It didn't occur to me until I started this list, but this year, all my top picks in each category somehow pertain to boys growing up or to the reality of adulthood, very likely subconsciously chosen on account of me sliding straight into my midlife crisis after hitting 40.


Wild Beasts - Nature Boy

Let's start with the artist name and title. That alone sets the stage for a raw, untamed experience, which is further fed by the simple arrangement and use of bongo drums. But the haunting lyrics about the false dreams of manhood and suppressed ult…

Rule #1 about mud runs: You do not shut up about mud runs

If you're following me online at all, you may have noticed that I'm into these obstacle races like the Spartan Race and Tough Mudder (and I'd like to say that "I did them before they were cool").

I have to admit that the mud runs are brilliant. They cater to two large groups of the population: The first one being people who feel tough and want to validate themselves - military, Crossfitters, etc. The others are desk jockeys who try to let out the primal side in them that they think they have - very much like Chuck Palahniuk's Fight Club, except with the thick hint of irony that they spend a lot of money in order to escape consumerism. In the end, these mud runs are essentially money printing machines.

I'm making fun of them, but I'm not denying that I love them. I fall smack into the second category - despite spending most of my time sitting at a desk, I get a big kick out of climbing over a big wooden structure using a rope and saying to myself "…

Detective Smartass hard at work

Remember my previous post about doing research? Here's a prime example to show you to what lengths I go for... well... for... no real purpose at all.

Consider this picture here:

I'm sure you've seen it in your favorite social media feed. You saw it, ha-ha, funny, and moved on.

For some reason however, I had to find out where this scene took place in. After all, this could have afforded me a chance to make fun of the South again.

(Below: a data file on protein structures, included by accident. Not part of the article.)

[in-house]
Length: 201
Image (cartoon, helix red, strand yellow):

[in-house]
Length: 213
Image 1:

When you find these viral images, they usually have been stripped of any usable information whatsoever by the time they reach you, or worse still, they may have some useless commentary tacked on with incorrect information to promote some agenda. Also, most social media sites strip off EXIF data, so even if it was taken with a cell phone that had GPS tagging enabled, you won't find it when analyzing the image.

So you need to do it the old-fashioned way - by looking for clues in the picture. For that, a higher resolution is helpful, so your first…

Everything sucks because of your impatient ass

I'm currently waiting in line to get a Tesla Model X. Like many others, I made a reservation back in 2014 and am now sitting through delay after delay and one blown deadline after another.

I feverishly frequent the forums to scavenge all those itty bitty updates and rumors, and boy is that a painful experience. People are foaming at their mouths because they still don't have the car that they're clearly entitled to! Somebody called Elon Musk a monkey. Calls for boycott, wah wah wah.

I can sympathize with Tesla since I used to be on the other side of this. The games I used to work on were notorious for being delayed, and every time a press release went out to announce a new release date, it sucked for everybody. The team knew their long hours would go on for longer. The company knew the budget would skyrocket even more (more salaries to pay, more overtime pay for non-exempt people, morale would go even lower, more dinners to pay, more advertisement to keep the hype going, p…